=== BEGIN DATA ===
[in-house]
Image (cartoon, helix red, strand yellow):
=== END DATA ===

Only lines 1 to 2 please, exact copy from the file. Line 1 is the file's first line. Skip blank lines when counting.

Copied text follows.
[in-house]
Image (cartoon, helix red, strand yellow):